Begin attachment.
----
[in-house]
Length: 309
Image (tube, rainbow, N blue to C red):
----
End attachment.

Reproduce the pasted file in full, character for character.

[in-house]
Length: 309
Image (tube, rainbow, N blue to C red):